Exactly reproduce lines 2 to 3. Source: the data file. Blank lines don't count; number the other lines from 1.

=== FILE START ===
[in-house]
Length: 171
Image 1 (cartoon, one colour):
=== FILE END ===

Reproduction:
Length: 171
Image 1 (cartoon, one colour):